It’s a classic sci-fi series that keeps stumbling along despite repeated missteps and fumbled reboots. It’s the Terminator movies from worst to best:
6. Terminator Dark Fate
Expectations were high with the returns of Linda Hamilton and James Cameron but Dark Fate was an insulting disappointment from beginning to end.
From a pointless slow-motion execution of young John Connor to the ridiculous notion of Schwarzenegger’s T-800 having a wife, Dark Fate loses the plot early and never recovers. Ultimately it descends into a formulaic action movie that retreads the save turf as the original two movies, just nowhere near as well.
Add that to a new 2-in-1 terminator that seemed to have studied gymnastics and some woke re-casting to score feminist brownie points and you’ve got a recipe for crap, which is exactly what is served up here.
The human element captured so well in the first two movies just seems forced in Dark Fate and Linda Hamilton’s return unfortunately seems pointless as Sarah Connor contributes virtually nothing to the story.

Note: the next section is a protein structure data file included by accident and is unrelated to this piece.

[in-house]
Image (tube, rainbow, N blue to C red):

Dark Fate suffers from the same lack of new ideas as a few other movies in the series, a problem not even a dash of nostalgia and the return of two of the foundations of the original films success could overcome.
5. Terminator Genysis
When a movie gives away its big twist in the trailer you know there’s problems.
Basically a reboot of the original 1984 movie, Genysis tries to one-up its predecessor in various ways but just ends up a confused, senseless mess. There are some half-decent new idea here but overall we’re given a revision of franchise history that nobody wanted.
Worst of all, Genysis is just forgettable. Nothing special or memorable happens, it’s just an action movie by the numbers that even Schwarzenegger’s return couldn’t save. The fact his monotone machine is still the best part of this movie speaks volumes about the rest of the cast’s performances and how weak the character development of the writing is.
It also pointlessly muddied the timelines of previous movies, ending up drowning in the same confusion it created. There were so many directions the fifth instalment could have taken that made much more sense rather than this rebooted mess.